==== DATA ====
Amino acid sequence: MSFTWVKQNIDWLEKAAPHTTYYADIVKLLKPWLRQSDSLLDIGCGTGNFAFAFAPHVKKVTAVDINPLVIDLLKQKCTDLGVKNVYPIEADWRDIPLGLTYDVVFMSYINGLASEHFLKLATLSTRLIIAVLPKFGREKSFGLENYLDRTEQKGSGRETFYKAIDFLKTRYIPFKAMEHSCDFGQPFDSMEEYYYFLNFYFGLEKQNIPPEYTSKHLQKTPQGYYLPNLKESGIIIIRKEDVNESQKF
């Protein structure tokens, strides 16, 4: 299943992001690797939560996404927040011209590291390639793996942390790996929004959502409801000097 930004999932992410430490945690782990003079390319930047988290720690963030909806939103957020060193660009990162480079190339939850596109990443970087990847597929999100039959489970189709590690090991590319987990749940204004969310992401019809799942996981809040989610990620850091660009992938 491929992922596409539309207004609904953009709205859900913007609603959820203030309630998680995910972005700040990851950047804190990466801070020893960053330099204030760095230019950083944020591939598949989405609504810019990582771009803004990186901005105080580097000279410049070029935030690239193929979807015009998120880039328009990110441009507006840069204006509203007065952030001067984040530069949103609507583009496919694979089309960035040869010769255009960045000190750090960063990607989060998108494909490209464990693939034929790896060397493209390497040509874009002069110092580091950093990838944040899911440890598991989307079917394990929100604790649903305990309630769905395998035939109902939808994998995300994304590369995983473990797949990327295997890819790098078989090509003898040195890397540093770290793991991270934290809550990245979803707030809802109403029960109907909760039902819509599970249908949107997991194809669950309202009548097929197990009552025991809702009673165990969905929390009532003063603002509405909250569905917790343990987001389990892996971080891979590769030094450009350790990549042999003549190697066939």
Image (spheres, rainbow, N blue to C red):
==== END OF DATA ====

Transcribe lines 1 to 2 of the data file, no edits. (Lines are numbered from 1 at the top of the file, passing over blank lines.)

Amino acid sequence: MSFTWVKQNIDWLEKAAPHTTYYADIVKLLKPWLRQSDSLLDIGCGTGNFAFAFAPHVKKVTAVDINPLVIDLLKQKCTDLGVKNVYPIEADWRDIPLGLTYDVVFMSYINGLASEHFLKLATLSTRLIIAVLPKFGREKSFGLENYLDRTEQKGSGRETFYKAIDFLKTRYIPFKAMEHSCDFGQPFDSMEEYYYFLNFYFGLEKQNIPPEYTSKHLQKTPQGYYLPNLKESGIIIIRKEDVNESQKF
């Protein structure tokens, strides 16, 4: 299943992001690797939560996404927040011209590291390639793996942390790996929004959502409801000097 930004999932992410430490945690782990003079390319930047988290720690963030909806939103957020060193660009990162480079190339939850596109990443970087990847597929999100039959489970189709590690090991590319987990749940204004969310992401019809799942996981809040989610990620850091660009992938 491929992922596409539309207004609904953009709205859900913007609603959820203030309630998680995910972005700040990851950047804190990466801070020893960053330099204030760095230019950083944020591939598949989405609504810019990582771009803004990186901005105080580097000279410049070029935030690239193929979807015009998120880039328009990110441009507006840069204006509203007065952030001067984040530069949103609507583009496919694979089309960035040869010769255009960045000190750090960063990607989060998108494909490209464990693939034929790896060397493209390497040509874009002069110092580091950093990838944040899911440890598991989307079917394990929100604790649903305990309630769905395998035939109902939808994998995300994304590369995983473990797949990327295997890819790098078989090509003898040195890397540093770290793991991270934290809550990245979803707030809802109403029960109907909760039902819509599970249908949107997991194809669950309202009548097929197990009552025991809702009673165990969905929390009532003063603002509405909250569905917790343990987001389990892996971080891979590769030094450009350790990549042999003549190697066939």